Character development was excellent. The main characters ~ Elizabeth Forester, a college English professor, and Jonathan Danforth, one of her students ~ are wonderfully written, and I definitely felt their emotions and struggles right along with them. Their uncertainty of each other, their wariness regarding falling in love, the tenderness they displayed toward one another and everything in between kept me interested as well as kept the story moving at a wonderful pace. Staci gives glimpses into the characters' lives and background without overdoing the details. Much about them - past and present - remained a mystery. Elizabeth has been badly hurt in the past and hides behind invisible walls she's built to protect herself and is all propriety and decorum; while Jonathan has suffered great loss and withdrawn from life and ends up feeling invisible, even though he doesn't realize this until Elizabeth points it out to him when she is granted glimpses of his life through the essays he writes for class assignments.
I haven't read much English literature, Jane Austen's writings, or Robert Browning's poetry, so I felt like I was enrolled in the class vicariously right alongside Jonathan and his classmates, almost like I was sitting in the classroom needing to be prepared to contribute to a discussion, analyze a poem or write an essay. I'm glad I didn't have to! Jonathan did a much better job that I would have done.
Staci really made me think when I was reading this book, breathing life into the literature Elizabeth teaches her students. The classics and characters are brought to life through in-class discussions and essays, and have a lot of literary "meat" to them. Her writing was poetic as well as evidenced by this simile: "Time slipped by like sand into the sea at high tide." It's hard for me to believe Staci Stallings isn't an English professor herself. If she was, I'd like to take a class from her.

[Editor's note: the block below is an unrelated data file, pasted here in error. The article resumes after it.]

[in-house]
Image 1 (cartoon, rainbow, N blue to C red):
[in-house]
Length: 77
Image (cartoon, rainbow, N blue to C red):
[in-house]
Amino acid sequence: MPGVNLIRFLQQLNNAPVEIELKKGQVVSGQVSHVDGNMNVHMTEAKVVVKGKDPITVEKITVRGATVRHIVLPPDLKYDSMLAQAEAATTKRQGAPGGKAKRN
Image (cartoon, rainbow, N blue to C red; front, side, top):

One of my favorite things is the character development of Elizabeth and Jonathan and watching them grow and come out of their shells and be able to move beyond their hurts, their past experiences, and learn to live again and love each other. There is a Christian theme running throughout the book, so subtle it doesn't overwhelm the story, but hints at a relationship between God and Elizabeth.
There are several things I liked about this novel. Not only did I enjoy the chemistry between the characters, but I also liked the highly unique setting - a college campus. The apple scene in the park is one of my favorites. Until I read this part, I had forgotten about twisting the apple stem to find out who you're going to marry - my friends and I did the same thing when we were children. The last scene in the book is by far my favorite and sums up the story quite well. Jonathan is everything Elizabeth always wanted in a man, and in the end he proves this to her in a very romantic and poetic way. This was the perfect finish to a fun book, a clean and wholesome romance.